Brummagem: Lost City Found tours to Oxford

Brummagem: Lost City Found has moved to the Mary Ogilvie Gallery in Oxford following its popular run at Parkside Gallery.

The exhibition, featuring work by Birmingham City University professor Andrew Kulman and Sara Kulman, will be open at the Oxford gallery for three weeks from 14th November. This follows a seven week run at Parkside Gallery where it is was one of the most visited exhibitions in the gallery’s history.


Foreground: Kulman, A (2017) ‘St Martin’s Circus, Rotunda’

An ideal location

Brummagem: Lost City Found charts the history of Birmingham’s rapidly changing landscape and pays homage to the brutalist architecture that used to dominate the city. Through a series of prints and paper sculptures, Andrew Kulman and Sara Kulman offer personal reflections of the city and its current state of redevelopment.

The Mary Ogilvie Gallery is owned and managed by St Anne’s College, one of the newest and most welcoming Oxford University colleges. Undergoing rapid expansion in the 1960s, the college landscape is characterised by iconic brutalist buildings similar to those in Birmingham.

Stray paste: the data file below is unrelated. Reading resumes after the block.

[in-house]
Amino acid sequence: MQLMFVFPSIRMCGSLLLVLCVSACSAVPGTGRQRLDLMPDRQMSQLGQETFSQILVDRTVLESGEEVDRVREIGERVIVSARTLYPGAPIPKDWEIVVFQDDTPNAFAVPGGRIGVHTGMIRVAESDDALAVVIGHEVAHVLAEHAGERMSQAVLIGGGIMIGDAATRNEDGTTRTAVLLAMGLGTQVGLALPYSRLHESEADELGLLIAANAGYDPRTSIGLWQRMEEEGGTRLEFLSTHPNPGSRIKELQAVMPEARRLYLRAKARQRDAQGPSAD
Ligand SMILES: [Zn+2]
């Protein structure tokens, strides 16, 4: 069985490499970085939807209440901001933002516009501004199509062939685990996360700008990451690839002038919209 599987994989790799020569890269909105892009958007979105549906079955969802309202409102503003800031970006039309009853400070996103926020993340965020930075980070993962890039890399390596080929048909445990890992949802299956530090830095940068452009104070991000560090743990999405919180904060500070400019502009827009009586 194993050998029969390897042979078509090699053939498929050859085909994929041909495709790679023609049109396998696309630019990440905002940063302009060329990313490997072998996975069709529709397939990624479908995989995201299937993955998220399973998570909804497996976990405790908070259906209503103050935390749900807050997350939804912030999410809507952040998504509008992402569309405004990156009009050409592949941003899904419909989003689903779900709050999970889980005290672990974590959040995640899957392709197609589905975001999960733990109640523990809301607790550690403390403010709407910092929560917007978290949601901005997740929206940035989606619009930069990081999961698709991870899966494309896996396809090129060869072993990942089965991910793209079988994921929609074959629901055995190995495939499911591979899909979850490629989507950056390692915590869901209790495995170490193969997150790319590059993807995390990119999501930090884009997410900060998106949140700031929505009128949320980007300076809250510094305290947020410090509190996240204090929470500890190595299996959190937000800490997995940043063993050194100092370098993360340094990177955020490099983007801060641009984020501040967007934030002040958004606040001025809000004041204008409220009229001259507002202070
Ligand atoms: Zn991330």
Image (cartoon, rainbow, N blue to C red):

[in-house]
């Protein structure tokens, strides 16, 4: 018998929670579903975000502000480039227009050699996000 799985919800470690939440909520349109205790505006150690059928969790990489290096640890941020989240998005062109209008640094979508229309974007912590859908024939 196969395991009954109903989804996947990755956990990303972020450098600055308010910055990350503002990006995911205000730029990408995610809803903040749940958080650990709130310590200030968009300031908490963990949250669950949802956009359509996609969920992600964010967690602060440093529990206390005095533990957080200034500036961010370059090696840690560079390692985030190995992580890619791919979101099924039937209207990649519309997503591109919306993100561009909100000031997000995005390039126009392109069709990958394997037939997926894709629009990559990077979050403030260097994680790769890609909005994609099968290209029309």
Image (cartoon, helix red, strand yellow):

Chris Ansell, exhibitions assistant manager at Birmingham City University said:

“We’re really excited to take this exhibition to the Mary Ogilvie Gallery. The college’s architecture makes it the ideal location to show the work which is heavily inspired by brutalist design.

“It’s a much different gallery space to Parkside Gallery which gave us the opportunity to develop the exhibition in different ways. Hopefully, we’ll be able to show people something a little different this time around.”

As one of the most creative colleges in Oxford, St Anne’s College has a notable permanent collection and a history of temporary exhibitions. Within the permanent collection is a set of prints by Barbara Hepworth which offers interesting parallels to the prints and sculptures in Brummagem: Lost City Found. 


Left: Kulman, S (2017) ‘Savoy Buildings 01’ Right: Kulman, S (2017) ‘Savoy Buildings 02’

Brummagem: Lost City Found reaches new audience